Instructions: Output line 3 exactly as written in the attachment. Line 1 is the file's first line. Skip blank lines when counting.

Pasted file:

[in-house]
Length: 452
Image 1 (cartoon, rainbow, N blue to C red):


Image 1 (cartoon, rainbow, N blue to C red):